"The anecdotal: Albert Einstein was good at physics, and he was really good at his daily post- lunch twenty-minute snooze. Other famous nappers include Leonardo da Vinci, Napoleon Bonaparte, Winston Churchill, Thomas Edison, Ronald Reagan, John F. Kennedy, and John D. Rockefeller. Spend time with any professional athletic team, and you’ll find they’re also professional nappers."

"The science: Napping is good for the learning brain, because it helps strengthen the connections formed during practice and prepare the brain for the next session.”

Need I say more?

Probably you don't need much more of an incentive to take a nap..

  • But perhaps you're worried that taking a nap will bring down your productivity?
  • Well some of the most productive and influential people in all of history were nappers!

Plus they science is pretty clear..

  • Memories, learnings and connections in the brains get solidified when we sleep!
  • All the practice, learning and work you do during the day doesn't stick unless you get a good nights sleep and a nap can be a part of that.

So when?

  • Well I tend to think the lunch time nap is a good place to go..  But most of us won't really have time to fully doze off!
  • So instead I say we lay down, close our eyes and focus on breathing for 20 minutes..
  • Some people might call this meditation, but to me it's like a nap!  If I fall asleep?  Great!  But if I don't it's an extra 20 minutes of mediation I might not have taken.


“There’s a moment before every rep when you are faced with a choice: You can either focus your attention on the target (what you want to do) or you can focus on the possible mistake (what you want to avoid)." 

"This tip is simple: Always focus on the positive move, not the negative one."

"For example, a golfer lining up a putt should tell herself, ‘Center the stroke,’ not ‘Don’t pull this putt to the left.’ A violinist faced with a difficult passage should tell himself, ‘Nail that A-flat,’ not ‘Oh boy, I hope I don’t miss that A-flat.’"

"Psychologists call this ‘positive framing,’ and provide plentiful theories of how framing affects our subconscious mind. The point is, it always works better to reach for what you want to accomplish, not away from what you want to avoid.”

How are you approaching the practice?

Might be more important than the practice itself..

  • How many reps does it take to get good at something?  Of course it varies.. 
  • But one thing you can be sure of is it takes more reps if you place your focus on what NOT to do rather than what you should do!
  • Kind of like in dieting..  It's a lot easier to focus on eating MORE healthy food than LESS food in general!

Why positive framing?

  • Inside his book 'what to say when you talk to yourself' Dr Shad Helmstetter explains that the mind will believe whatever you tell it!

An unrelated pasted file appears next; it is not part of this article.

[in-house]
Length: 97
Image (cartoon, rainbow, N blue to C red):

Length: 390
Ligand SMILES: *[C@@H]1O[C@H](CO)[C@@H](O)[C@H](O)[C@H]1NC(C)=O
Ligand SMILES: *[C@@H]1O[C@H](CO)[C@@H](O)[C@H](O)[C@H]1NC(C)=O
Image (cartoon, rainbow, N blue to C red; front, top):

• And it doesn't understand context..  
  • The mind doesn't know the difference between:

Don't miss this shot

Miss this shot

Setting up cues:

Reminding yourself to frame things in a positive way is an important (sometimes not natural) practice..  

  • Step 1: NOTICE yourself framing something in the negative.. 
  • Step 2: LET GO of the negative frame.. 
  • Step 3: REPLACE with a new positive frame..

Blue Collar

“From a distance, top performers seem to live charmed, cushy lives."  

"When you look closer, however, you’ll find that they spend vast portions of their life intensively practicing their craft.

"Their mind set is not entitled or arrogant; it’s 100-percent blue collar: They get up in the morning and go to work every day, whether they feel like it or not."

"As the artist Chuck Close says, ‘Inspiration is for amateurs.’”

Top performers are blue collar workers!

Everyday they show up.. 

  • Most days it's repetitive practice on the basics.
  • Some days they don't feel like going. 
  • Everyday they leave tired.

That's actually their secret!

  • They keep showing up..  They are insanely consistent!
  • That's how they stay ahead, compete at a high level or finish a lot of projects..  
  • Simply showing up is 90% of the battle!

How can you stay consistent?

  • Set the goal of showing up at x time on y day vs setting the goal to finish or win.. 
  • Once you build the habit of showing up each day the contest, project or goal will take care of itself!

Carpenters Garden

“We all want to improve our skills quickly—today, if not sooner." 

"But the truth is, talent grows slowly. You would not criticize a seedling because it was not yet a tall oak tree; nor would you get upset because your skill circuitry is in the growth stage. Instead, build it with daily deep practice.

"To do this, it helps to ‘think like a gardener and work like a carpenter.’ I heard this saying at Spartak. Think patiently, without judgment. Work steadily, strategically, knowing that each piece connects to a larger whole.”

Work steadily knowing each piece connects..

This is such an important point!

  • Often we focus our efforts on the 'end goal' and trying to do everything we can to get there as quickly as possible..
  • This often leads to shortcuts, unhappiness and disappointment when we can't control the speed at which we improve!

Consistent mindful attention to the moment..

  • This again is all about showing up, being willing to work hard and knowing that you're contributing towards your goal!
  • But with a twist..  Bringing yourself to the moment fully, with awareness and intention is where true change happens!
  • Focus on the NOW instead of the RIGHT NOW